Foreign relations of Montenegro

{{See also|Foreign relations of Montenegro}}After the promulgation of the Declaration of Independence in the Parliament of the Republic of Montenegro on 3 June 2006, following the independence referendum held on 21 May, the Government of the Republic of Montenegro assumed the competences of defining and conducting the foreign policy of Montenegro as a subject of international law and a sovereign state.The implementation of this constitutional responsibility was vested in the Ministry of Foreign Affairs, which was given the task of defining the foreign policy priorities and activities needed for their implementation. These activities are pursued in close cooperation with other state administration authorities, the President, the Speaker of the Parliament, and other relevant stakeholders.WEB,weblinkweblink" title="web.archive.org/web/20130921043856weblink">weblink yes, 2013-09-21, mvpei.gov.me, Foreign Policy, Integration into the European Union is Montenegro's strategic goal. This process will remain in the focus of Montenegrin foreign policy in the short term.The second strategic and equally important goal, but one attainable in a shorter time span, was joining NATO, which would guarantee stability and security for pursuing other strategic goals. Montenegro believes NATO integration would speed up EU integration. In May 2017 NATO accepted Montenegro as a NATO member starting 5 June 2017.NEWS, Montenegro to Join NATO on June 5 – WSJ,weblink 25 May 2017, Julian E. Barnes, The Wall Street Journal, 25 May 2017, Although it only borders Albania, Bosnia and Herzegovina, Croatia, Kosovo, and Serbia, Montenegro also counts former Yugoslav republics North Macedonia and Slovenia as its neighbouring countries, for historical and regional reasons, as well as the neighbours of former Yugoslavia: Austria, Hungary, Romania, Bulgaria, and Greece.

Symbols

{{See also|National symbols of Montenegro}}An official flag of Montenegro, based on the royal standard of King Nicholas I, was adopted on 12 July 2004 by the Montenegrin legislature. This royal flag was red with a silver border, a silver coat of arms, and the initials НІ, in Cyrillic script (corresponding to NI in Latin script), representing King Nicholas I. On the current flag, the border and arms are in gold and the royal cipher in the centre of the arms has been replaced with a golden lion.The national day of 13 July marks the date in 1878 when the Congress of Berlin recognized Montenegro as the 27th independent state in the worldWEB,weblink President Vujanovic's Closing Speech at the Crans Montana Forum, Predsjednik.me, 21 February 2006, 11 September 2010,weblink" title="web.archive.org/web/20110511115623weblink">weblink 11 May 2011, yes, and the start of one of the first popular uprisings in Europe against the Axis Powers on 13 July 1941 in Montenegro.In 2004, the Montenegrin legislature selected a popular Montenegrin traditional song, "Oh, Bright Dawn of May", as the national anthem. Montenegro's official anthem during the reign of King Nicholas I was Ubavoj nam Crnoj Gori ("To Our Beautiful Montenegro").

Military

File:Military Montenegro 11.jpg|thumb|Armed Forces of MontenegroArmed Forces of MontenegroThe military of Montenegro is a fully professional standing army under the Ministry of Defence and is composed of the Montenegrin Ground Army, the Montenegrin Navy, and the Montenegrin Air Force, along with special forces. Conscription was abolished in 2006. The military currently maintains a force of 1,920 active duty members. The bulk of its equipment and forces were inherited from the armed forces of the State Union of Serbia and Montenegro; as Montenegro contained the entire coastline of the former union, it retained practically the entire naval force.Montenegro was a member of NATO's Partnership for Peace program and then became an official candidate for full membership in the alliance. Montenegro applied for a Membership Action Plan on 5 November 2008, which was granted in December 2009. Montenegro is also a member of Adriatic Charter.WEB,weblink Adriatic Charter, 7 September 2018, Montenegro was invited to join NATO on 2 December 2015 and on 19 May 2016, NATO and Montenegro conducted a signing ceremony at NATO headquarters in Brussels for Montenegro's membership invitation.WEB,weblink NATO Formally Invites Montenegro as 29th Member, Associated Press, 19 May 2016, 20 May 2016, Montenegro became NATO's 29th member on 5 June 2017, despite Russia's objections.NEWS,weblink Defying Russia, Montenegro finally joins NATO, Milic, Predrag, 5 June 2017, ABC News, 5 June 2017, The government plans to have the army participate in peacekeeping missions through the UN and NATO such as the International Security Assistance Force.WEB,weblink Spremaju se za Avganistan, Vijesti.me, 11 September 2010, yes,weblink" title="web.archive.org/web/20110725140231weblink">weblink 25 July 2011,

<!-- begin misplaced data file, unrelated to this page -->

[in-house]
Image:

Administrative divisions

Montenegro is divided into twenty-three municipalities (opština). This includes 21 District-level Municipalities and 2 Urban Municipalities, with two subdivisions of Podgorica municipality, listed below. Each municipality can contain multiple cities and towns. Historically, the territory of the country was divided into "nahije".{| border="0" cellpadding="4"! | No. || Municipality || Seat (File:Montenegro, administrative divisions - Nmbrs - colored.svgupright=1.15thumbRegions of Montenegro.)x30px) 1 Pljevlja Municipality Pljevljax27px) 2 Plužine Municipality Plužinex18px) 3 Žabljak Municipality Žabljakx34px) 4 Mojkovac Municipality Mojkovacx38px) 5 Bijelo Polje Municipality Bijelo Poljex30px) 6 Berane Municipality / Petnjica Municipality>Petnjica Berane / Petnjica (22)x25px) 7 Rožaje Municipality Rožajex30px) 8 Šavnik Municipality Šavnikx35px) 9 Nikšić Municipality Nikšićx25px) 10 Kolašin Municipality Kolašinx30px) 11 Andrijevica Municipality Andrijevicax28px) 12 Plav Municipality / Gusinje Municipality>Gusinje Plav / Gusinje (23)x16px) 13 Kotor Municipality Kotorx28px) 14 Cetinje Old Royal Capitalx25px) 15 Danilovgrad Municipality Danilovgradx18px) 16 Podgorica Capital City and Municipalityx28px) 17 Herceg Novi Municipality Herceg Novix20px) 18 Tivat Municipality Tivatx15px) 19 Budva Municipality Budvax18px) 20 Bar Municipality Barx27px) 21 Ulcinj Municipality Ulcinj